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2007-07-23
Buenos Aires, Argentina. Wal-Mart Charged With Anti-Union Persecution

"Our people make the difference," Wal-Mart says. But a story different than the Mr. Smiley TV ads of happy "associates" emerged this month in Argentina. Wal-Mart began operations in Argentina 12 years ago. The giant retailer built its first supercenter in Avellaneda, Province of Buenos Aires in 1995. Wal-Mart Argentina, with 15 stores currently, has big plans to open 12 new stores in the next two years, creating 5,000 "new" jobs. The retailer says it now employs more than 5,500 Argentinians in its stores. The company likes to boast that Wal-Mart Argentina was ranked 29th on a "Great Place to Work" poll, and was named the 12th Best Company to Work for in Argentina by Apertura Magazine. The University of Palermo ranked Wal-Mart ranked 10th among companies with the best reputation for social responsibility in Argentina. But earlier this month, in legislative hearings in Buenos Aires, the giant retailer was grilled by lawmakers who are not happy with the company's virulent anti-union policy. According to the newspaper Pagina12, Wal-Mart executives were summoned before the Argentine Chamber of Deputies (similar to the U.S. House of Representatives). The Committee on Labor Legislation wanted Wal-Mart to respond to charges of anti-union activities. The company also had to respond to criticism for their hiring of a retired military official linked with detention centers as Wal-Mart's head of Security. "There are some stores that do not have delegates (union members) because they are recently opened," explained Marcelo Villegas, Wal-Mart's Director of Human Resources. But one lawmaker observed that one Wal-Mart store had been open for 11 years and was still not unionized. Lawmakers were considering a resolution that expressed their "preoccupation with the labor situation and by union persecution within Wal-Mart, as well as by the participation in management positions of ex-members of the Armed Forces that participated in the former military dictatorship." The lawmakers asked Wal-Mart to rehire two workers who were dismissed without cause from the Avellaneda branch after involvement in union organizing. Wal-Mart Argentina's director of Institutional Relations, Human Resources, and manager of Institutional Relations, all testified at the hearing, as did members of the union at Wal-Mart. The union and Wal-Mart testified in separate hearings. Wal-Mart denied any anti-union practices, asserting that some of their workers are affiliated with the union, and that the company has a total 31 union delegates. "Thirty-one delegates for 5,800 workers?" one lawmaker asked. "There are some stores that do not have unions because they are recently opened," Wal-Mart testified. But one lawmaker responded, "It is clear that there is a company policy against unionization and union freedom. It is clear that they knew about the union activity of Cordoba and Schmidt (the fired workers), although they deny it." Deputy Claudius Lozano told reporters, "Accusations of union persecution weigh on this chain in other parts of the world," and added that Wal-Mart has been denounced in the United States by Human Rights Watch for its antiunion corporate policy. The directors minimized the report of the international human rights organization, saying it was based on the testimony of 41 employees or ex-employees. Pagina12 reports that "the most tense moment" in the hearings came when one lawmaker linked Wal-Mart's head of security with concentration camp activity. "Where he was posted, clandestine concentration camps were operating. We all know that we are talking about a clandestine process of repression. Not all the people in charge have been indicted." In a separate hearing with workers, members of the union testified that "In the chronicle of supervisory abuses, women sadly occupy a separate chapter: the degradation of the condition of women has surpassed the limits of their tolerance." The delegates charged that several weeks ago, a 19 year old Wal-Mart cashier told the manager that she was menstruating and requested a replacement to be able to go to the toilet. "She asked several times but thirty minutes passed without any response", said one union member. "When the replacement finally arrived, the cashier's clothes were stained. When the supervisors saw what had happened, they covered her with a coat in plain view of co-workers and customers could see, took her to clean up, bought her new pants and underwear, and sent her back to the cash register to continue ringing."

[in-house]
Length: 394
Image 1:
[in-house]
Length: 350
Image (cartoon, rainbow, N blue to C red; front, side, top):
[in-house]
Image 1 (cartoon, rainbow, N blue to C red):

What you can do: The union delegates also complained that Wal-Mart workers were forced to sing the company song at the start of each work day, in front of customers. They described this practice as "humiliating" for employees. Wal-Mart responded by saying, "It is a greeting to start the day, to build group spirit. It's normal, natural, but it is not required. Those who do not want to, do not sing; nobody is evaluated nor promoted by virtue of how he or she sings." But one Wal-Mart union worker told lawmakers, "Often the song is assigned like punishment, or they take notes on who is not singing, or they make you sing if it is your birthday or if you arrive late at meeting, as they call it."










 
 
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